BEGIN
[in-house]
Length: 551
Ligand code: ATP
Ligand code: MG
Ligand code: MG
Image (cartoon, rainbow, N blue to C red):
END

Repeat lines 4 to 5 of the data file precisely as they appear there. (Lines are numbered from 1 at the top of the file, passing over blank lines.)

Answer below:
Ligand code: MG
Ligand code: MG